7. OCCASIONAL LECTURES AND CONSULTATIONS
J-1 scholars may receive honoraria, compensation, or reimbursement of expenses for occasional lectures, consultation, or other collaborative activity from an entity other than those named on the DS-2019 form after obtaining approval in writing from the J-1 program sponsor if such activity will take place in the U.S.
Request an approval for incidental activity by completing the Incidental Activity Form and returning to the Davis IC.
If the activity is an occasional lecturer, permission will be granted in the form of a letter. You should present the letter to the outside entity as proof of your authorization to be paid or receive reimbursement. You must be paid as an "independent contractor". The term independent contractor means that you do not have a sustained employer-employee relationship with the person or institution for which you are working. You do not complete an I-9, Employment Eligibility Verification Form with that person or institution.
If the activity is of a more sustained nature such as teaching one course at another institution that will last a whole semester, the Davis IC will need to prepare an amended DS-2019 form that will include the funding from the additional entity. We will notify the U.S. State Department of these changes in activity and funding and provide you with an amended DS-2019. The amended DS-2019 along with your I-94 and proof of identity will be used to complete an I-9 Employment Eligibility Verification Form with your other employer.
8. HEALTH INSURANCE REQUIREMENTS
J-1 scholars and their J-2 dependents are required to have medical insurance coverage during the dates they participate as a J visa holder as indicated on the DS-20129 form. Failure to maintain the required minimum insurance coverage will be considered a violation of the J regulations and will be subject to termination from the J-1 exchange visitor program. If the scholar will arrive in the United States before the start date or depart after the end date on the DS-2019 form, they are encouraged to arrange for other interim health insurance coverage during that time.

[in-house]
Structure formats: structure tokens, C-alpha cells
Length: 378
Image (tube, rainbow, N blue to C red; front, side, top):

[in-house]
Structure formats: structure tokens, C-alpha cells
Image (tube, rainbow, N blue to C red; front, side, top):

- The medical insurance coverage must provide the following minimum benefits as per the J federal regulations [22 CFR 62.14]:
- Medical benefits of at least $100,000 per accident or illness
- Repatriation of remains in the amount of $25,000
- Expenses associated with the medical evacuation of the exchange visitor to his or her home country in the amount of $50,000
- A deductible not to exceed $500 per accident or illness.
An insurance policy secured to meet the benefits requirements as per the federal J regulations [22 CFR 62.14]:
- Must be underwritten by an insurance corporation with an A.M. Best rating of "A-" or above; a McGraw Hill Financial/Standard & Poor's Claims-paying Ability rating of "A-" or above; a Weiss Research, Inc. rating of B+ or above; a Fitch Ratings, Inc. rating of "A-" or above; a Moody's Investor Serivces rating of "A3" or above.
- Or the participant's policy may be backed by the full faith and credit of the government of the exchange visitor's home country.
Princeton University Health Insurance Plans:
J-1 exchange visitors are eligible for health insurance benefits that meet these minimum requirements based on their appointment at Princeton University. The J-1 Visa Health Insurance Plan and the AETNA HMO Health Insurance Plan offered by Princeton University both meet the required minimum requirements. Further information about these health insurance benefits is available on the Office of Human Resources website or by calling the Human Resources Benefits Office at 609-258-3302.
Spouses and unmarried children up to the age of 21 qualify for dependent status of a J-1 exchange visitor. Dependents carry J-2 status.
J-2 dependents of J-1 exchange visitors who are subject to the two-year home residency requirement are also subject to the two-year home residency requirement.